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New Hibernia Review 9.3 (2005) 9-16
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Dúchas. This word is frequently translated into English as "heritage." A word that is full of death and stasis. But to an Irish speaker, it means one's native place, a shared tradition, a collective soul, a kindred affection, a natural affinity. Filleadh ar do dhúchas. "To return home, to where one belongs, to revert to kind." It is something that is bidding me a prodigal's welcome after many years.
For my father, Liam MacCarráin, Irish was a place of refuge. He was once interviewed for Radio Ulster's "Tearmann" program—where guests were asked what gave them sanctuary in their lives. He chose the Irish language itself. He hid within and took comfort from words. The language itself was another world, something parallel—and magical—to the mundane world.
He arrived into this world as William Carson in the year 1916. He spent his childhood i dteach bheag i sráid bheag—"in a little house in a little street"—in the Clonard parish of the Falls Road. There was one room downstairs, two upstairs, and an outdoor toilet. His father was a boilermaker for Harland and Wolff, but lost his job in 1920, when he was forced out of the shipyard in an anti-Catholic pogrom. He was lucky to escape alive. Many of his co-workers were shot, or drowned in the River Lagan. He would never regain full-time employment, surviving on odd jobs, window-cleaning and the like.
In 1930, at the age of fourteen, my Da started work as a telegraph messenger for the Post Office, earning twelve shillings and seven pence a week. He would give his mother ten shillings, which paid for rent and coal. The remainder covered his expenses: a packet of ten Woodbines at two pence; a tram journey out of town for a penny.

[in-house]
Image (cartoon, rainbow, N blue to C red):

In his book Is Cuimhin Liom an t-Am (I Remember the Time) he described his awakening to the beauty of Irish. In the post office, he met Ruairí Ó Maolchallan and Padaí Ó hÉigeartaigh. He found himself spellbound listening to their Irish—faoi dhraíocht acu ag comhrá le chéile i nGaeilge. Fired by his determination to master as much of the language as possible and as quickly as possible, he attended two classes a week. He practiced his Irish at socials in An Cumann Gaelach, where he would meet migrant mill workers, girls from the Donegal Gaeltacht. After two years, he went for the Fáinne test, where he was [End Page 9] examined by Domhnall Ó Grianna, brother of famed Donegal writers Seamus Ó Grianna and Seosamh Mac Grianna. His examination was short and sweet. Domhnall simply asked him if he was Liam MacCarráin. "Is mise," replied my father, whereupon the Fáinne was pinned to his lapel. He was already famous for his outstanding command of Irish.
In May, 1934, my father went on his first visit to Rann na Feirste, birthplace of the Ó Grianna brothers, renowned for its many outstanding poets, singers, and storytellers. Among their number was Johnny Shéamaisín, with whom my father stayed. Johnny's house was nothing less than a treasure-store of language and literature, both oral and written. Johnny's family had a huge collection of books in Irish, as his brother Niall worked for the publishing house of An Gúm. My father would spend hours in the family library, thumbing through book after book. Every night after supper, they would decamp to the house of the seanchaí Micí Sheáin Néill, often listening to stories until three in the morning.
My father learned much from these people. Theirs was a world where social contact was based on ag airneáil—"visiting"—and where storytelling was the prime form of entertainment. Beauty and precision in speech was profoundly valued. My father molded himself in their image to such an extent that in later years, he came to be praised by many as a wonderful folklorist...